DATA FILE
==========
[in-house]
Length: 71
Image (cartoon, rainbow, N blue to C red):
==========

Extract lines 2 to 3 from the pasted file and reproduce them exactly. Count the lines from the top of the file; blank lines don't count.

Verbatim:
Length: 71
Image (cartoon, rainbow, N blue to C red):